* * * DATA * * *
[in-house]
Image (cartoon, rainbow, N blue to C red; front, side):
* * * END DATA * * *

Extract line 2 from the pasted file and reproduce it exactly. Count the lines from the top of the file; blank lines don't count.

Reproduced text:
Image (cartoon, rainbow, N blue to C red; front, side):